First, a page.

Apple released an update to its payment guidelines on Monday, requiring apps to use the company’s in-app purchase tool for “boosts” and promoted posts, meaning Apple will keep 30% of sales. . The move appears to be yet another policy aimed directly at Meta (formerly known as Facebook).
A variety of apps allow users to promote their content for a small fee. Do you want more people to see your tweets, your dating profile, or that old video game you’re trying to sell? Twitter, Tinder, and eBay will sell you a “boost” to get you higher in the feed. For years, that seemed to fall into a gray area in App Store policies. Apps that sell “virtual goods” it is assumed to use the iPhone’s in-app payment system, which comes with a hefty service charge. That has been true for a long time. But that policy didn’t always apply when it came to raises, and certain apps, like Facebook, got away with accepting payments directly and avoiding Apple’s massive fee.
Some apps, including Twitter and Tinder, already use the in-app payment tool for promotions and promoted posts, but Facebook doesn’t. Apple is likely to make a nice change when it starts enforcing this policy more harshly, though Meta may challenge the change. The social media giant is already engaged in a public fight with Apple over the latter’s recent policy changes, and changing in-app payment requirements will likely add fuel to the fire. Another iPhone policy change last year cost Meta billions of dollars in lost ad revenue, which Apple is now working to gobble up through a series of new advertising projects.
“Apple continues to evolve its policies to grow its own business while undermining others in the digital economy,” Meta spokesman Tom Channick reportedly said in a comment to Apple. the edge. “Apple previously said it didn’t take a share of ad revenue from developers, and now it’s apparently changed its mind. We remain committed to offering small businesses easy ways to post ads and grow their business on our apps.”
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Apple initially declined to comment, but after this article was published and started to gain traction, the company reached out again to share its thoughts. “For many years, App Store guidelines have made it clear that the sale of digital goods and services within an app must use in-app purchase,” the Apple spokesperson said. Peter Ajemian, in an email. “Boosting, which allows a person or organization to pay to increase the reach of a post or profile, is a digital service, so an in-app purchase is of course required.”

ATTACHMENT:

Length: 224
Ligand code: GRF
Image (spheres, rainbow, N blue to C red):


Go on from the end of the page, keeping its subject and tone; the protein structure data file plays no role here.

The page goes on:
This new update is aimed at advertising that increases the visibility of social media posts, but there is an exception for more traditional ad types, so Meta’s larger business model is not affected by this move. Politics is an example of Apple’s market power. They control the App Store, and that’s the only official way to get your app onto iPhones. Basically, Apple can charge developers whatever they want, as long as they can get away with it. In some places, you can’t get away with it: South Korean law enforcement raided Apple’s headquarters after persistent complaints from iOS developers about overcharging. Meta did not respond to a request for comment.
The boost policy update is part of a broader effort to crack down on apps, forcing developers to kiss Apple’s ring and use the in-app payment system or risk being banned. of the market.
Regulators in other countries, where competition rules are much stricter, have forced Apple to allow apps to use other payment systems that don’t take as much of the revenue. Google has faced scrutiny for similar policies on its Play Store and was even fined $113 million this week for not allowing third-party payments. Last year, Epic Games won a Major lawsuit against Apple After Fortnite was banned from the app store for offering third party payment options. A judge ruled that Apple can’t stop app developers from linking to other payment systems.
Apple says that it is taking this money only to protect you. The company reviews apps for security, privacy, and fraud issues, including oversight of payment systems. CEO Tim Cook has argued that it is expensive to maintain and that a 30% cut is a reasonable fee because the money is needed to protect consumers, which also benefits developers, because it creates a trustworthy market.
Apple invented the App Store. Advocates (and Tim Cook) argue that the company should be able to charge whatever it wants. But looking at it another way, the App Store is not a single, regular service, but rather the portal to all other iPhone apps. Critics say that 30% is way more than Apple needs to pay for app review, and what’s really going on here is a monopoly charging protection money to anyone who wants to walk through the gates of Cupertino.
Update: 10/26/2022 9:40 ET: This story has been updated with a comment from Meta.
Update: 10/26/2022 1:55 ET: This story has been updated with a comment from Apple.
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